Here's the thing; our tenured salaries are subsidized under the current system by the use of adjuncts to teach large numbers of students in our department. Since we're not going to solve the economic crisis in our state teaching Shakespeare or Marxist theory, and since we aren't going to suddenly get a huge influx of money, we need to be realistic about the problem. We are the problem, or at least we benefit from the system as it's set up. We tenured folks are, so to speak, the man.

And yet, I made a decision to take this job based in part on the salary and my calculation I could live on the salary and preferred to live on this salary for this job rather than on a slightly higher salary at my previous job. And I made a decision to take on the mortgage I have because I did the math and figured I could make payments on my salary. So I don't really have 20% slack in my budget. Yes, if I had to take a 20% cut, I'd stop putting money into retirement savings, make some other cuts, and get by for now. But if I don't have to, I'm not.

It's hard to give up privilege, isn't it? But we should at least recognize our privilege. Or does it even matter, so long as I'm not willing to give it up?

On the other hand, I think I bring significant skills and qualities to my work that our adjuncts don't bring. And so I think I'm worth my salary. Or maybe I'm just making excuses?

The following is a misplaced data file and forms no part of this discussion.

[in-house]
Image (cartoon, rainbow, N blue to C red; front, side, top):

Sunday, November 16, 2008

Twenty-Five Years After

I grew up on M*A*S*H*. The series lasted through my teen years, and into my Peace Corps service. I remember talking about it obsessively in middle and high school. My watching fell off in college, but I still saw it fairly often.

The show ended while I was in the Peace Corps, and so I'm one of those people who didn't watch the final episode. I had heard bits about it, but I never saw it. It doesn't play often on reruns, but tonight it played, and so now I've finally seen it.

You know, even after 25 years, that's a pretty darned good TV show.

Saturday, November 15, 2008

Searching and Seeking

I got a call earlier this term from a colleague in a tangentially related department, and by tangentially I mean during Shakespeare's day, they put rushes on the stage floor, which means I should be really familiar with such things, and by the way, underwater basketweaving uses reeds from a similar plant, so I'm practically a member of the department. The thing is, smaller departments (and most departments at any comprehensive school are smaller than Math and English) sometimes need an outside member for search committees. And so, my colleague asked me to help on a search committee. It's not the first time I've been asked, and certainly underwater basketweaving is closer to my field than accounting!

(The very first search I ever served on was for an accounting position. I was used to the sorts of letters English lit folks send out: intro para, para or three on dissertation, para on pubs if any and on future plans, para on teaching overview, para on dream course or comp, para on how much they'd fit at your school. In contrast, accounting letters basically say, "I'm an accountant and interested in your adertised position.")